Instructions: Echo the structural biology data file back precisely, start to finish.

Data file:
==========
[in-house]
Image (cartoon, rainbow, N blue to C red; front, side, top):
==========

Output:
[in-house]
Image (cartoon, rainbow, N blue to C red; front, side, top):